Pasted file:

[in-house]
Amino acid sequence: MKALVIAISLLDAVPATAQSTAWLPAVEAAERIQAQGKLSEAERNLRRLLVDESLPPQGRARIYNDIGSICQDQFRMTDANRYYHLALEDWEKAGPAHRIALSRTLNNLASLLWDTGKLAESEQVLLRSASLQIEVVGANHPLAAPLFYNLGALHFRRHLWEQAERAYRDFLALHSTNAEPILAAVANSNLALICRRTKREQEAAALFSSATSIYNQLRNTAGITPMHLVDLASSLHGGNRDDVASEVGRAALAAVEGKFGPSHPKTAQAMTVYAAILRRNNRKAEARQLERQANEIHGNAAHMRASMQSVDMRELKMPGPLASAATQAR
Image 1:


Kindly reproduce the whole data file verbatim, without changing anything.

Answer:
[in-house]
Amino acid sequence: MKALVIAISLLDAVPATAQSTAWLPAVEAAERIQAQGKLSEAERNLRRLLVDESLPPQGRARIYNDIGSICQDQFRMTDANRYYHLALEDWEKAGPAHRIALSRTLNNLASLLWDTGKLAESEQVLLRSASLQIEVVGANHPLAAPLFYNLGALHFRRHLWEQAERAYRDFLALHSTNAEPILAAVANSNLALICRRTKREQEAAALFSSATSIYNQLRNTAGITPMHLVDLASSLHGGNRDDVASEVGRAALAAVEGKFGPSHPKTAQAMTVYAAILRRNNRKAEARQLERQANEIHGNAAHMRASMQSVDMRELKMPGPLASAATQAR
Image 1: